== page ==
What is a probate sale?
Updated March 14, 2022
When someone dies, particularly if there’s no will, property sales and the disposal of all of their other assets are handled by a probate court, whose mandate is to get the highest possible prices.
Probate courts are established and operate under regulations set by each U.S. state. Because of this, the rules and procedures, and even when they come into play, vary.
In most instances, estates go through the probate process even if the deceased made a will. Careful estate planning, however, can minimize or even eliminate the procedure.
In New York, for instance, all estates valued at over US$50,000 go through probate even if there is a will. The only way to avoid probate is to place assets in a revocable living trust.
The executor designated in the will is the point person for the home sale. If there is no named executor, the job falls to the closest relative.
Probate sales require a lot of paperwork, and while deals can be had, they're not for the faint of heart. Credit: Dimitri Karastelev/Unsplash
California follows a similar procedure to New York’s.
Several countries, including Australia, England, Scotland and Wales, also use the probate system.
Probate courts have been in existence for centuries.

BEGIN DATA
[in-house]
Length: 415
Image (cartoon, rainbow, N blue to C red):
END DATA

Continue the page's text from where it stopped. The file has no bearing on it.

The purpose of the process, in addition to facilitating the disposal of assets, is to verify and validate the authenticity of the will.
The English word “probate,” in fact, comes from the Latin verb probare, which means to prove or examine.
While it’s possible to buy some properties at reduced market rates in probate sales, there are several drawbacks that may mitigate any gains.
The sales are so complicated that buyers often have to hire a real estate lawyer or work with a real estate agent who has expertise in this field. The process is drawn out, and there is an element of risk—unlike in conventional sales, the deceased, of course, cannot disclose any relevant information—the bathroom faucet leaks or a major shopping center is going to be built next door—that would potentially negatively impact the property’s price.
Sometimes, potential buyers pay to have the home inspected to flag any flagrant problems even though they may not ultimately purchase the property.
Probate sales also can take longer to close than conventional ones, with the probate court’s calling all the shots and setting the timelines.
It is the court that authorizes a real estate agent to list the property at a price set by the court, often with the input of the agent, a representative of the estate, a licensed home appraiser or other consultants.
Once the property is on the market, potential buyers can make offers that must be backed up with a 10% down payment, usually conveyed via a cashier’s check. Once an offer is accepted, it is sent to the court for approval at a confirmation hearing.
A sale date is set, and a waiting period of 30 to 45 days ensues so the property can be marketed and advertised with the price the potential buyer has offered.
Family members of the deceased are required to be notified and must be given time to comment on the sale.
During the actual confirmation hearing, which is rather like an auction, other bidders may make higher offers. The winning bidder is required to produce the 10% down payment in cash or a cashier’s check immediately.
If there are no additional bidders, the property is sold to the original bidder, who loses the 10% deposit if he/she backs out of the sale.